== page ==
Running background processes with Firebase Cloud Functions

I was working on a freelancing project which required me to create an admin panel with functionalities to control various components in the user model. Considering the urgency of the delivery, the natural choice for me was to set up the project with Firebase. I had previously dabbled with Firebase Cloud Firestore, and Authentication and I had thought this was the extent of the services offered by Firebase. To my surprise, this was just the beginning. I discovered Firebase Cloud Functions, which provide a way for a developer to create RESful APIs, manage buckets, and run cron jobs. I ended up using that and a few other products. The full list of products offered by Firebase is shown below.

Full list of products offered by Firebase. Image captured from https://firebase.google.com/products-build on February 12th, 2021.

In this post, I aim to share an example for which I had to run some background job using Firebase.

This type of web architecture where the back end processes are handled by some other server managed elsewhere is called Serverless computing. Here’s a bit of a boring introduction to Serverless computing.

What is Serverless?

Serverless computing is the structure of computing where the backend processes of an application are handled by a third-party which provides Backend as a Service (BaaS). There are quite a few upshots to this setup, especially for a small-scale application where the financial resources are scarce and running the backend servers in-house becomes challenging. However, depending on the type of services being run on the BaaS, the cost difference might not be as much. Therefore if you are planning to choose the right cloud infrastructure provider, I suggest you do thorough research on the current options and look at the costs associated with each of them.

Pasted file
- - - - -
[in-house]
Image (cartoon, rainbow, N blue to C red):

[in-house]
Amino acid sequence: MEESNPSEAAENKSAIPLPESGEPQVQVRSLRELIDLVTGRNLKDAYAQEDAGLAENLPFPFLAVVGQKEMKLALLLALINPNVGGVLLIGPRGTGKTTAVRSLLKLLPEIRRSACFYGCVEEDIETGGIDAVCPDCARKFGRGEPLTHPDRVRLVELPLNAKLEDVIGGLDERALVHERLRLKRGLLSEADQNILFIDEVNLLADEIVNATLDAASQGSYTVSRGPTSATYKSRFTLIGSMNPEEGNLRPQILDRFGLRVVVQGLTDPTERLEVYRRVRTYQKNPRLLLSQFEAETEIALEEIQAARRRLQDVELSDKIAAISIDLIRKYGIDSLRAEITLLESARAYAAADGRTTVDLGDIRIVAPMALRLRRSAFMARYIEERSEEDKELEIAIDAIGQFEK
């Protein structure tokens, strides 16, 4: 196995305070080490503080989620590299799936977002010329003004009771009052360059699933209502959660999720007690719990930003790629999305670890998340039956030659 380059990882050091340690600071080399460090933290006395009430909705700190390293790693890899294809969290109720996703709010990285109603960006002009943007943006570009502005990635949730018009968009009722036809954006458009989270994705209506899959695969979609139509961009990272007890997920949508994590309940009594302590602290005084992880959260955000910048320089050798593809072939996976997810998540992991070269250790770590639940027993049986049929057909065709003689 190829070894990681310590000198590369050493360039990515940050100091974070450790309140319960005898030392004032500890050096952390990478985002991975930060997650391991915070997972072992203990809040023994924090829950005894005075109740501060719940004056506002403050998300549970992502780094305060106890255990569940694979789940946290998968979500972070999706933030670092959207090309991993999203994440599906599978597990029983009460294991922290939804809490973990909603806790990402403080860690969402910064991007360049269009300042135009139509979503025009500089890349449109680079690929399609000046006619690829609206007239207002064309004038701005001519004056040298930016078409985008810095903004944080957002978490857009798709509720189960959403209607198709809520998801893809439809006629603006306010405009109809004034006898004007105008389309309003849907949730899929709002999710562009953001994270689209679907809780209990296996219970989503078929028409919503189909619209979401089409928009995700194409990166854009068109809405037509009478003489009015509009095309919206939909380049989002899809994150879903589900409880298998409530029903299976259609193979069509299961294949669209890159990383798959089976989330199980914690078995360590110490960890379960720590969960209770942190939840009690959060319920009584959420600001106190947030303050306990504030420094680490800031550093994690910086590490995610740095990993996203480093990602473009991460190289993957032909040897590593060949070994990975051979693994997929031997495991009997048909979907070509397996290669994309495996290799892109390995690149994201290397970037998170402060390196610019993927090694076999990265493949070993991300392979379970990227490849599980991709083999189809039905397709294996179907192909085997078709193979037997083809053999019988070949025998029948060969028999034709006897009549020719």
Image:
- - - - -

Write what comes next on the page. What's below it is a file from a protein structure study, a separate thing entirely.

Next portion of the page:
Let’s get right to the example!

Package the data into a JSON file every 24 hours

The scenario is this –– The users on the application are performing redeem requests which are handled manually by the client. The client would like to get the list of requests that are sent every day in a comma separated values (CSV) format. Therefore, in the background, a CSV file needs to be generated every 24 hours and the client should be able to access this from the web-interface. I created a backend process that generates the file with a specific name, and therefore if such a file exists previously, it is replaced with the newer one.

I used Google’s PubSub functionality for this. I recently learned about this feature after running into the problem of having to generate the file every 24 hours. Briefly, PubSub, a publisher/subscriber model, is a messaging service through which messages can be sent between applications. You can read more about its features here. What it also allows you to do is to schedule tasks using PubSub topics which are carried out by Cloud Scheduler (like a crontab if you know what that is).

Here’s how I used the aforementioned scheduler to create a CSV file every 24 hours:

The schedulefunction accepts as a string parameter that represents an interval in YAML cron format.

Hope that was helpful!

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